Revelry turned to tragedy for one Mission resident over Independence Day weekend. Ann Zeis, a 26-year-old copy writer and office assistant, fell from the roof of a building adjacent to her Harrison Street apartment in the early hours of July 5 and died at SF General Hospital on July 6, according to her family. Her parents are now offering a reward for the recovery of her MacBook Air and iPhone 5 in an effort to reclaim her photos and work to manage her affairs.
Zeis had been celebrating at the Blind Cat bar on 24th Street and Treat Avenue with her roommate and several new acquaintances, said Patrick Thomas, Zeis’ boyfriend. When her roommate left, Zeis elected to stay with her newfound friends. From there, exact events are conjecture.
Thomas guessed that Zeis went back to her apartment with the strangers, gained access to the rooftop on an adjacent building through her building’s backyard, and later fell onto Harrison Street. Her companions, he alleged, probably made off with her electronics. A passerby on his way to work found her and called an ambulance, Thomas said. When the family learned Zeis would not survive, they visited her apartment to put her affairs in order and discovered the devices missing.
The Office of the Medical Examiner confirmed Zeis’ death is under investigation by the police department and the medical examiner. Thomas said police are trying to piece together the timeline of events after Zeis left the bar, but added that he doesn’t think they are investigating foul play.
Stephanie Estrada, who lives in the building from which Zeis fell, said anyone who accessed the roof would have had to use a ladder that had been placed against the building to facilitate repairs. According to Estrada, nobody recovered any of Zeis’ belongings in the aftermath of the incident except for her boots, which appeared to have been tossed into the building’s backyard. She said Zeis must have reached the ladder by jumping a fence that separates the yards of Estrada’s building and Zeis’, which are back to back.
Emily Haltom said she was in her bedroom in the building next door when she heard the impact at around 7:30 a.m. She didn’t think much of it until she started hearing people react, at which point she looked outside to see Zeis lying on the sidewalk. However, apart from passersby attempting to get the victim help, Haltom said she didn’t see anyone else at the scene.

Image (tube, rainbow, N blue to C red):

The family, meanwhile, is preoccupied with recovering Zeis’ belongings. They promise no questions asked if the devices are returned.
“Whoever did this, I have to assume would not have been necessarily aware of the fact that it was going to lead to my daughter’s death,” said Jeff Zeis, Ann’s father. “Since it has, they might be so petrified that they threw the laptop into the Bay, or who knows at this point… So no questions asked, because at this point who cares… we can’t bring my daughter back.”
Zeis’ parents heard of their daughter’s condition at their home in St. Louis, and flew to San Francisco before being notified that their daughter was on life support and unlikely to recover.
“She was just really full of life and a remarkable person in every way,” said Thomas, who met Zeis while attending Texas Christian University at Fort Worth and moved to the Mission with her three years ago. “It’s a pretty tragic loss.”
The family is accepting contributions in Zeis’ memory to the organization for which she served as a San Francisco board member—Indego Africa, a non-profit social enterprise that supports women artisans in Rwanda. Zeis had a history of charitable work, from assisting in therapeutic horsemanship sessions to becoming a member of Habitat for Humanity. She was also a yoga instructor who could be found practicing poses in city parks with her friends.
The family is holding a memorial service for Zeis in Saint Louis on July 20, however as the obituary, published this weekend in St. Louis Post Dispatch, notes: “Funeral-style attire is strongly discouraged in favor of bright, casual summer dress to help add to the intended tone best reflecting a jubilant life lived with unrelenting elan.”
Zeis’ family requests anyone with information that could help recover her belongings call (214) 491-8477.